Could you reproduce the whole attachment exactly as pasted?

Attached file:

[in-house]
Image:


[in-house]
Image: